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The deduction of state and local tax payments (known as SALT) from federal income taxes has been a subject of debate among economists and policymakers over the past few years — with significant implications for our budget and fiscal outlook. The 2017 Tax Cuts and Jobs Act (TCJA) put a cap on such deductions, but recently a number of lawmakers are advocating for a repeal, or reform, of that cap. Most economists believe that a repeal of the cap on the SALT deduction would be regressive and costly to the federal government; however, altering the cap might make it easier for states and localities to raise taxes to pay for public services, particularly as many states continue to feel the effect of the pandemic on their budgets.
Since the federal income tax was created by the 16th Amendment in 1913, taxpayers have been able to deduct a portion of the state and local taxes they pay from their federal tax bill. Before the TCJA, about 30 percent of taxpayers claimed a deduction for state and local taxes, with high-income households more likely to benefit from the deduction. Moreover, those who lived in states with higher state and local taxes were able to benefit more from this provision, because they had more state and local taxes to deduct.
However, for tax years 2018 through 2025, the TCJA capped the SALT deduction at $10,000 for single taxpayers and couples filing jointly — limiting its value for tax filers. As a result, the percentage of taxpayers claiming the deduction fell by nearly two-thirds, while the average amount claimed fell by 80 percent.
The benefit of repealing the SALT cap would mostly accrue to high-income households since high-income taxpayers are more likely to itemize their deductions and because state and local tax payments tend to increase with income. The Joint Committee on Taxation projected that more than half of benefits in 2019 from the SALT deduction accrued to taxpayers with incomes over $200,000. Furthermore, according to the Tax Policy Center, most of the benefit of repealing the tax cap would accrue to taxpayers in the top 20 percent based on income; and overall, only 10 percent of households would see any benefit from a repeal of the SALT cap.
The distribution of income and non-federal taxes varies significantly among states, which leads to variations in the effect of the SALT deduction. In general, a higher share of taxpayers in the Northeast and West claimed the deduction, with the percentage of taxpayers claiming the deduction in 2018 ranging from less than 1 percent in Texas to 22 percent in Maryland. Because of these geographic discrepancies, lawmakers from states like New York and California have raised issues of fairness in their calls to repeal or reform the cap.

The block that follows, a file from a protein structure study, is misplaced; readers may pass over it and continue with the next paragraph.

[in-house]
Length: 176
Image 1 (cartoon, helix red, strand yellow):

The SALT deduction — and the presence of a cap — may impact state decisions about taxation. The SALT deduction has the effect of making it cheaper for states and localities to raise taxes on high-income people. Indeed, research suggests that the SALT deduction is associated with increased revenues from state and local sources. The deduction also incentivized states to tax their residents more progressively, since the SALT deduction applies to types of taxes that tend to be progressive — like taxes on income. Theoretically, state and local governments could then use revenues to invest more in public goods and services like roads and bridges than they would be able to without the federal subsidy. However, when the TCJA instituted a cap on the deduction, it was assumed that the inverse was also true and that without the benefit of the full deduction, high-income taxpayers would flee high-tax states. Recent data from the Internal Revenue Service suggests that the cap did not have a significant impact on domestic migration patterns, and that there was no such exodus from states like New Jersey, New York, and California.
Finally, repealing the cap would be expensive for the federal government. The deduction was previously one of the largest federal tax expenditures and cost $101 billion in fiscal year 2017. That figure dropped to $21 billion in 2020. Between 2022 and 2025, the cost of repealing the cap would be $380 billion, according to the Tax Foundation.
As alternatives to a full repeal of the cap, lawmakers and experts have proposed a number of changes to the SALT deduction. For example, policymakers have proposed doubling the cap for married couples or making it more generous. Meanwhile, economists have argued that federal aid to state and local governments should not be provided through the tax code, but rather through programs that would help states improve the savings mechanisms that help them weather economic downturns or matching federal grants that bolster state spending.
As policymakers weigh the pros and cons of repealing the cap on the SALT deduction, they will be weighing the regressivity and cost of the SALT deduction against the value state lawmakers place on the indirect federal subsidy. As the country recovers from the pandemic, policymakers should work together to chart a more sustainable fiscal path that ensures broad-based economic opportunity, both through the federal policy tools at their disposal as well as with an eye towards the state and local budgets that are essential for a robust recovery.
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